Proper nutrition for budgies is vital for their health. There are many brands and formulas of bird food available today. I recommend using premium brands that have used extensive research to develop a mix specifically for budgies. The food should also be fresh and not be expired. I am saddened when I see people buy a 50-pound bag of inferior bargain brand food that the bird will not finish for years. That food would have no practical nutritional value and I feel very badly for the pet bird. Even leaving a bag of food in a hot car will change the nutritional value of the food and lose most of its vitamins as well.
Also, whenever you introduce a new diet to your pet, you want to do it gradually. I would purchase a small bag of budgie pellets and mix it in with the food you have now. You want to introduce the new food extremely gradually so that your bird does not suffer an upset stomach that can lead to gastric & digestive problems. Do not wait until all your present food is gone before introducing the new high quality food.
You can tell the sex of mature parakeets by the color of their cere (which is where the nostrils are). Although they can vary (as in pied budgies) the female can have a whitish to tan or brownish color while the male will have a blue purple color.
Please visit your local quality pet store and discuss the differences in the brands of bird foods available. They can help you choose the appropriate one for your budgie and guide you about nutritional treats that you can offer your pet.
i have done the folowing before, my budgies cere has different coloring in it, kind of like if you would mix a male ans female, most people say its because there young, but i can tell by there personaltys whos the male
iv ealready had them eating a pallet diet and they liked it but i ran out ans still had the old seed diet and that would be why there eating it now, the probablom is my family wont buy more pallets.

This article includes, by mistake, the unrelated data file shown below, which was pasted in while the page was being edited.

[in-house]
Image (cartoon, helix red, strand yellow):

ive also talked to pet stores and my dad says he wont believe them since there trying to sell us stuff, but i dont trust them somewhat since there birds are helthy
I think Dr. Kuwahara gave you some excellent advice and it should be something you can show your father to "prove" that pelleted diets are better for the budgies than all seed diets. Another option is to view this article at veterinarypartners.com:
Although the article is not written by a veterinarian, it would not be on that site unless it was approved by veterinarians.
As far as the pet store goes, I understand the reasoning your dad has, but the pet store could also make money simply by selling you an all seed diet, so I don't think its a valid concern. You will find that most people who are involved with pets on any level (veterinarians, pet store employees, shelter workers, etc) have the pet's best interest at heart and money is often a secondary, but necessary, part of their business.
As soon as you can, it would be best to go to a pelleted diet. They may appear healthy now, but the wrong type of nutrition can have detrimental effects in the long term. Since budgies can live 15-20 years, you definitely want to help them reach that life span. Good luck to you!
thank you so much, i do apriciate Dr. Kuwahara advice and yourse, im gratefulll you gave me a site and i have someone to back me up, i did believe that the store owners new what they were doing it was just hard to explain to my dad, but thank, oops when i said i dont trust them i ment i do trust them it was a typo thanks anyways have a great weak.
please forgive me for my typo, i guess i was trying to say i see my dads point, but i do believe the store owners know what there saying, thank you once again, and sorry once again for the typo, i didnt mean for it to come out afencing to the owners, it really was a typo.
Psittacine birds (parrots and their relatives) are widely known to be seedeaters. Unfortunately this has led to the belief that this is all they need. In the wild parrots eat a wide variety of other foods to balance out the deficiencies of seeds. When well meaning pet owners or breeders feed only seeds, the health of the bird will suffer.